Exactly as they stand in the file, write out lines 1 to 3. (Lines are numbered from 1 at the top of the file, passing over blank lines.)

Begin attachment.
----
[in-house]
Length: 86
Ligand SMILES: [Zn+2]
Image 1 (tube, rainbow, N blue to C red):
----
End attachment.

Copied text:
[in-house]
Length: 86
Ligand SMILES: [Zn+2]